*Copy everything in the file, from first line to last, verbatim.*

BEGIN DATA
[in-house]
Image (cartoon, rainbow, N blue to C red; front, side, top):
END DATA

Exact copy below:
[in-house]
Image (cartoon, rainbow, N blue to C red; front, side, top):